The project involved 57 academics in 20 countries around the world, and spanned disciplines including anthropology, psychology, and philosophy. It set out to establish whether belief in divine beings and an afterlife were ideas simply learned from society or integral to human nature.
One of the studies, from Oxford, concluded that children below the age of five found it easier to believe in some “superhuman” properties than to understand human limitations.
Children were asked whether their mother would know the contents of a closed box. Three-year-olds believed that their mother and God would always know the contents, but by the age of four, children start to understand that their mothers were not omniscient.
Separate research from China suggested that people across different cultures instinctively believed that some part of their mind, soul or spirit lived on after death.
The co-director of the project, Professor Roger Trigg, from the University of Oxford, said the research showed that religion was “not just something for a peculiar few to do on Sundays instead of playing golf”.
“We have gathered a body of evidence that suggests that religion is a common fact of human nature across different societies,” he said. “This suggests that attempts to suppress religion are likely to be short-lived as human thought seems to be rooted to religious concepts, such as the existence of supernatural agents or gods, and the possibility of an afterlife or pre-life.”
Dr Justin Barrett, from the University of Oxford’s Centre for Anthropology and Mind, who directed the project, said faith may persist in diverse cultures across the world because people who share the bonds of religion “might be more likely to cooperate as societies”.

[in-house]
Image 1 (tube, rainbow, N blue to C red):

“Interestingly, we found that religion is less likely to thrive in populations living in cities in developed nations where there is already a strong social support network.”
SOURCE (See the original for links)
Political correctness is most pervasive in universities and colleges but I rarely report the incidents concerned here as I have a separate blog for educational matters.
American "liberals" often deny being Leftists and say that they are very different from the Communist rulers of other countries. The only real difference, however, is how much power they have. In America, their power is limited by democracy. To see what they WOULD be like with more power, look at where they ARE already very powerful: in America's educational system -- particularly in the universities and colleges. They show there the same respect for free-speech and political diversity that Stalin did: None. So look to the colleges to see what the whole country would be like if "liberals" had their way. It would be a dictatorship.
For more postings from me, see TONGUE-TIED, GREENIE WATCH, EDUCATION WATCH INTERNATIONAL, FOOD & HEALTH SKEPTIC, GUN WATCH, AUSTRALIAN POLITICS, DISSECTING LEFTISM, IMMIGRATION WATCH INTERNATIONAL and EYE ON BRITAIN (Note that EYE ON BRITAIN has regular posts on the reality of socialized medicine). My Home Pages are here or here or here or Email me (John Ray) here. For readers in China or for times when blogger.com is playing up, there is a mirror of this site here.